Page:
Every day in Shemoneh Esrei, we recite the Berachah of Mechayeih HaMeitim. Under close examination, we see that the phrase “Mechayeih HaMeitim,” or some form of Hashem’s reviving the deceased, appears five different times in the beginning of Shemoneh Esreih. Why is Techiyat HaMeitim mentioned five times in the beginning of Shemoneh Esreih? Why must we put such an emphasis on Techiyat MaMeitim?
Perhaps, the five mentions of Techiyat HaMeitim correspond to different revivals of the dead in history. By mentioning Techiyat HaMeitim five times, we recognize that these examples of Techiyat HaMeitim were done by Hashem. The first revival of the dead is the initial one, in Ma’aseh BeReishit, when Hashem turned dust of the earth to life (BeReishit 2:7). The reason we associate our first mentioning of Techiyat HaMeitim – “Mechayeih HaMeitim” – with “Atah Gibor” is that Hashem’s great might and power is visible in His action of creating Adam HaRishon. The second time we mention Techiyat HaMeitim – “Mechayeih Meitim” – we refer to two similar events: Eliyahu’s (Melachim I 17:22) and Elisha’s (Melachim II 4:34-35) bringing back to life a child for a mother. With this phrase, we say “BeRachamim Rabim,” for Hashem’s mercy is obvious in His allowing of the prophets to bring back the dead to life. The third time we mention Hashem’s revival of the dead is when we say “Melech Meimit UMechayeh.” This refers to Yechezkeil’s experience in the valley of dry bones, when Hashem turns the dry bones into life (Yechezkeil 37:7-10). With this mentioning of Techiyat HaMeitim, we say, “UMatzmi’ach Yeshuah,” “And makes salvation sprout,” because the whole incident is symbolic for the revival of all of the dead in the future. The fourth time refers to the final revival of the dead, when Mashiach comes. Therefore, we say, “VeNe’eman Atah Lehachayot Meitim,” that we believe Hashem will bring back the dead. These reasons account for our mentioning Techiyat HaMeitim. What does the fifth mentioning – “Baruch Atah Hashem, Mechayeih HaMeitim” – symbolize?
One way to understand the last one is that it is not a physical revival of the dead; rather, it refers to Hashem’s “bringing back to life” each and every one of us every day. This fifth mentioning of Techiyat HaMeitim is essentially saying that just as Hashem can bring the dead back to life, so too He can bring each and every one of our souls back to life. Every day, we have many things that distract us from our goals in life. All of these things are fine to do, if done for the right reasons, but we cannot let them distract us from our main purpose in life: to worship Hashem. Therefore, we conclude the Berachah on an individual revival of the dead.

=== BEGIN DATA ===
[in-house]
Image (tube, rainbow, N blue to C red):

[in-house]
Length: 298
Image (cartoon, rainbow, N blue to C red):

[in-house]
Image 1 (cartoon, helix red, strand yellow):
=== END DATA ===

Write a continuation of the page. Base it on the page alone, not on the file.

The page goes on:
This idea is very important for this time of year. We have just celebrated Purim, a holiday about celebrating life itself. We were supposed to die, but everything flipped around; essentially, we were brought back to life. We must bring this lesson to the next holiday. While Pesach is about our celebrating our physical exodus from Egypt, it also celebrates our spiritual exodus from the land of idol worship.
Also, Pesach has a very special sacrifice: the Korban Pesach. In the times of the Beit HaMikdah, we all had to be Tahor in order to offer and eat it. Nowadays, while we do not bring the Korban Pesach, we remember it and commemorate it during Pesach. We have to wake up from the long winter and remember to prepare for this mitzvah; therefore, we read Parashat Parah (BeMidbar 19:1-22) in order to remind us to be sprinkled by the ashes of the Parah Adumah. Parshat Parah is the wake-up call to our spiritual holiday; Purim celebrates the saving of our bodies, but Pesach celebrates the saving of our souls!
May we keep this lesson in mind, so that Hashem will not only bring us back spiritually, but eventually, He will perform the ultimate Techiyat HaMeitim.